Paul’s imperatives remind us that our walk with the Lord each day begins with the inclination of our hearts and minds. “Seek” and “set your minds” call us to dwell upon the things of God, set the affection of our hearts on Christ and his kingdom, and to resolve to live in ways that honor him. In order to do this each day, we must enrich our minds with the word of God and draw near to him with times of prayer. Justin Early offers a great recommendation for us in his new book The Common Rule– pray every morning on your knees and read your Bible before you look at your phone. While many might be concerned that this would create a lifeless ritual, there is much to be commended in setting times that are devoted only to prayer. These simple, but important practices will shape our character, train our hearts, and deepen our love for our Savior.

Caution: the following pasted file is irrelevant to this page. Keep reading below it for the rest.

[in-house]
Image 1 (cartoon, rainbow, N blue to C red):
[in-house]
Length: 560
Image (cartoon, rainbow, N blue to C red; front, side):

Our Future Hope
In verses 3 and 4, Paul helps us to understand why we should seek Christ and set our minds on the things about rather than the things that are on earth. First, he said that our old selves have died and now our lives have been hidden with Christ. Our union with Christ is so complete that our whole lives are bound up in his life. If you want to know who is Christian is, look at Jesus.
Then Paul came to the kicker. When Christ is revealed in glory, we will be revealed with him. When Christ comes again to judge the living and the dead, those who are in Christ will receive their resurrection bodies and will share in the glory of Christ.